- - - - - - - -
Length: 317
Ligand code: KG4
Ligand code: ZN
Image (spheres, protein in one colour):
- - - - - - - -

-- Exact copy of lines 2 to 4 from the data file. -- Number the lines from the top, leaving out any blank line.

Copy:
Ligand code: KG4
Ligand code: ZN
Image (spheres, protein in one colour):